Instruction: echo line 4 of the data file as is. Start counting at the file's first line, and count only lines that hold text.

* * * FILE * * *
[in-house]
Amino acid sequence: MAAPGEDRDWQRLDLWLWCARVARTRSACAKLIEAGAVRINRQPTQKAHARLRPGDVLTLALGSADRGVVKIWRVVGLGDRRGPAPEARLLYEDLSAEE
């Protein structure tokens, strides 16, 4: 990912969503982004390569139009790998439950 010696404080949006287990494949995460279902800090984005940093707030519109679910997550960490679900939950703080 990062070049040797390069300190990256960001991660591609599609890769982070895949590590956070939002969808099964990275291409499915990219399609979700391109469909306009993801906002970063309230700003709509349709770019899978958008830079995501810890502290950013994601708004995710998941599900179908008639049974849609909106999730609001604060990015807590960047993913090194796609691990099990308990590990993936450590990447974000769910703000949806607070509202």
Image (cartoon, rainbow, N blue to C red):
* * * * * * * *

Image (cartoon, rainbow, N blue to C red):